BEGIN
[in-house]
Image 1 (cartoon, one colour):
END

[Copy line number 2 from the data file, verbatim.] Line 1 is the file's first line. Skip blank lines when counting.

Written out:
Image 1 (cartoon, one colour):